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Besides that, it even served as a marketplace for selected video-equipment manufacturers to showcase and sell their wares that's directected towards the mobile/consumer video market. Ricoh Theta had a stall where it was selling the 360-degree camera for just $329 (Rs. 22,350 approx), there were specialised equipment manufacturers for lights, mobile/tablet steadycams, mobile tripods, props, and even licensing-free music creators.

Making it into a full-time business
Besides getting better at their craft, creators were also looking at opportunities to use their established YouTube channels as a full-time business. Besides the regular ad revenue they get from YouTube ads, they were also interested in talking to brands about collaboration and sponsorship opportunities.

Lilly Singh introducing the team that manages her YouTube channel - her talent agency, manager, business manager, lawyer, and publicist. She explained the role they play in managing her career, while she's free to concentrate only on the creative aspect of her videos. She also spoke about when it's the right time to expand the business side of things "First step, get a manager. After financial success, get a business manager. When contracts get confusing, get a lawyer; get an agent once you've established your brand and have a fan-base," to paraphrase Lilly Singh.

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Marketers had a great opportunity to explore options with established YouTubers as well, through a speed-dating round that allowed both parties to have a limited but exclusive face time.

YouTube support and creator growth
As the title sponsor of VidCon, YouTube had a massive presence there, which only made sense considering that it's the biggest consumer video platform in the world by a huge margin. Using VidCon as the platform, YouTube did make some very interesting announcements that should encourage the creator community.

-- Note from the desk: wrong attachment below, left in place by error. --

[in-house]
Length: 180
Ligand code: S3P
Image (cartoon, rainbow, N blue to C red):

Susan Wojcicki, CEO, YouTube spoke about the way forward in her keynote: 360 degree videos are already gaining popularity, but now there will be a higher push from YouTube to encourage the creator community to explore and innovate on this new technology. Bigger than that, and what we feel is a much bigger deal is the ability to livestream on YouTube directly from the mobile app itself. Creators get better support now; if you have monetisation options enabled on your YouTube channel, your queries will be responded to by a live person within 24 hours.

All this along with the overwhelming setup that YouTube offers in its LA Studio - YouTube Space Lab, that too for absolutely no cost to the creators (studio space and equipment), makes it pretty clear that YouTube is putting all its bets on the smaller creators. Moreover VidCon's popularity is making it global - VidCon is now coming to Amsterdam and Australia as well.

Sure, big-budget production houses are still the norm, but the younger audience are seeing YouTube as a legitimate source of information and entertainment, that too from people they can directly identify it. It may change the tides of things to come in the future, but as of now it's great to see the online video space with such high diversity and massive support.

Disclosure: This correspondent's flights and hotel stay for VidCon were sponsored by Google.

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Gagan Gupta

Video and social media junkie. Enjoys gaming almost as much as caffeine.